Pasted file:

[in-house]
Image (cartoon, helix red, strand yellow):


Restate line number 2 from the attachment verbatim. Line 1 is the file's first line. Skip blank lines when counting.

Image (cartoon, helix red, strand yellow):